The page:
While visiting the state of Baden-Württemberg in south-west Germany, I found myself in a monastery’s former donkey stable learning how to make Maultaschen, a type of German stuffed pasta. My hands were covered with the meat-and-cheese filling. I imagined Cistercian monks making the dish on these grounds centuries before. But as I learned, there is more than one version of Maultaschen’s origin story.

Maulbronn Monastery is a place of legends. The name appeared in historical records as ‘Mulenbrunnen’, which suggests a site by a source of water (‘Brunnen’ in German) that fed a mill (‘Mulin’ in Middle High German). It also appeared as ‘Mulibrunnen’, which suggests a mule (Maultier in German, nicknamed ‘Muli’). Legend says that when the monks set out to find a site for their new monastery, they took a mule, and when the animal stopped for a drink of water they interpreted it as a sign from God that they should stay and build their monastery there. Another version says the mule pawed the ground and they discovered water at that spot. Whatever the truth, a mule drinking from a fountain appears on the town’s coat of arms, and the image is also depicted in a red ochre painting above the three-bowl fountain in the monastery’s Fountain House.  

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At this Unesco World Heritage Site founded in 1147 – the best preserved medieval monastic complex north of the Alps – visitors can take a two-hour-long diploma class in making Maultaschen, large pasta pillows traditionally filled with minced meat and smoked meat (usually pork), spinach, breadcrumbs, herbs and spices. Each oversized Maultaschen measures up to 12cm across, but we were making mini Maultaschen, or ‘Maultäschle’ in Swabian dialect. Genuine Maultaschen must be produced in Swabia, a historical region that is today incorporated into Baden-Württemberg and the government district of Swabia in Bavaria. In 2009, the European Union recognised Maultaschen as a regional specialty.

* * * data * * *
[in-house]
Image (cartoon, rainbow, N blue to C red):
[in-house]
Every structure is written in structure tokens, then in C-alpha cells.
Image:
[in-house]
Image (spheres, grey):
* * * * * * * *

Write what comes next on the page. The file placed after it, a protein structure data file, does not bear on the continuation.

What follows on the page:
Traditionally served during Lent in a warm broth garnished with chives, this centuries-old dish is associated with Good Friday, the last Friday of Lent. Catholics, along with some other Christians, are encouraged to refrain from eating meat during Lent, especially on Good Friday – and the pasta dough was meant to conceal the ‘sinful’ meat filling.

There are three main legends of how Swabian Maultaschen came to exist. The first says the stuffed pouches were a copy of Italian ravioli, introduced from the other side of the Alps by the Waldensians, members of a Christian movement. The second says Maultaschen was a culinary travel souvenir from the German countess Margaret Maultasch, a noble lady who brought the recipe from Tyrol in the Austrian Alps: she was called Maultasch, ‘mouth pocket’, due to the shape of her deformed jaw.

The third says the dish originated in the 17th Century during the Thirty Years’ War, a clever creation by a Cistercian monk of the Maulbronn Cloister. The monks were forbidden to eat meat, so they put it in a pasta pouch to conceal the filling from the eyes of God. Literally translated as ‘mouthbag’, the dish’s nickname in Swabian dialect, Herrgottsbescheißerle, means ‘small God-cheaters’. 

The pasta dough was meant to conceal the ‘sinful’ meat filling

The Cistercians, a Roman Catholic contemplative order, were a strict bunch: the rule of ‘ora et labora’ (pray and work) was closely obeyed. Lay monks and priest monks had different roles and occupied separate facilities; lay monks were responsible for physical labour and cooking, and were not permitted to enter any of the rooms designated for priest monks. Priest monks, who were educated and came from noble families, spent most of their time praying and even listened to prayers while they ate in silence.

A priest monk’s daily ration was composed of half a kilo of coarse-flour bread and small portions of fish, vegetables, cereals and fruit. “They also ate beavers and frogs,” said Barbara Gittinger, our monastery guide. Cistercians (apart from the sick) were not permitted to eat anything with four feet, as meat was too luxurious to fit with their poverty values and the renunciation of meat was a sacrifice to God – but apparently webbed feet were an exception. The lay monks ate separately and received larger portions due to the physical work their positions required.